July 14, 2016 at 12:03 pm #1560
After four decades of ‘riding the rocket’ in the electronic industry, I had kind of resigned myself to the idea that I’d never be able to keep across all the new technologies popping into being.
But I guess I never imagined that I should also resign myself to not being competent in all the older electronic technologies either…
Then the lady at the local café gave me a 1950’s-era valve radio to sort out for her old-timey shop, and so began a whole new branch of humiliation in the study of the things I don’t know.
This ‘made-in-Australia’ radio bears out the old adage that ‘beauty may be only skin deep, but ugly goes to the bone’. Ugliness lives under that chassis!
After doing all the obvious things like changing out leaky paper and wax capacitors, installing an aerial, fixing the tuning pulley and such-like trivial stuff, still no reception. There are only five valves, ferChrissakes!
What I lack in valve-era technological know-how, I make up for in friendships with older engineers from that era. So I found me one of them.
It’s taken seven months, an introduction to valve-testers and heptode superheterodyne mixing, green spot disease in old enamelled coils, the impact of screen grid resistor failures, arcane test procedures and a growing wonder at just how clever these old bits of kit are at plucking a signal out of the ether.
I won’t be attempting any more such fixes; 250V DC is just too scary. I’ll stick to repairing my collection of old Tektronix oscilloscopes…
But if you ask me about my expertise in electronics, I’ll tell you that I love it all, but only understand a tiny fraction.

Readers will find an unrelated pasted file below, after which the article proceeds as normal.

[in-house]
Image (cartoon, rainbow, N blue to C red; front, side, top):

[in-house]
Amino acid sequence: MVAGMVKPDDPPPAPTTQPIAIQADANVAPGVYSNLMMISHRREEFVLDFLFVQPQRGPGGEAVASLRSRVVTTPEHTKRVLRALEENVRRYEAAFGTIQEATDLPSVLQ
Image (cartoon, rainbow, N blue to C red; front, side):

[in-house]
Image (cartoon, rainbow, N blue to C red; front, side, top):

July 14, 2016 at 12:51 pm #1561
You are driving me to distraction. I recall playing with valve radios as a kid. They were retro technology then. I wanted to show off with my esoteric knowledge of the ‘eniode’ with its nine electrodes (7 grids) but just couldn’t find it in google. I was sure I was not dreaming. I’d long since thrown the data books away but I found a book online and it was there. I had the spelling wrong which would come as no surprise to any of my teachers over the years. It is an enneode or nonode.
It produces an output proportional to the phase difference between two of the grids and as such was used for FM radio detection.
I never had one as a kid – but I wanted one. Now I can buy one on Ebay for eight euro’s but I don’t want one. It’s marked new – if a part that was made in the 1960 can be called new.
Take care with those tektronix CRO’s though – they’d have anode voltages of some thousands of volts and my one an only substantial experiment which involved using my body as an electrical conductor was picking up a CRO display tube by the socket while the system was still powered up.
July 15, 2016 at 1:01 pm #1564
“Driving you to distraction” doesn’t sound good…
Is it all those suppressed memories of bygone days?
So I also did my homework, and the valve in question is an EK32 ‘octode’, rather then the ‘heptode’ I’d thought it was.
This has six grids in three columns, and some of those are used as plates (I’m told).
This valve was used in the rf front-end of the radio, acting as both an amplifier, a the local oscillator and the down-mixer for the following if stage.
So the lesson here is that the quality of thinking and the novel ideas of good engineering don’t change with time; just the technology that we have to work with is different.
Interestingly, vacuum tube technology lives on in the travelling-wave guides used in satellites and in the development of vacuum channel transistors for use in terahertz equipment for directional high-speed communications and hazardous-materials sensing.
Finally, you’re right about the high operating voltages inside the old Tektronix valve scopes, but those are beautifully-crafted pieces of engineering, well-documented and easy to move around in safely. And even back then – in the 1960’s – they understood that the electron beam in a vacuum had a finite speed, and so developed distributed electrode methods for high-speed analogue CRTs (cathode ray tubes).
Knowing your electronics history can help with modern design work.
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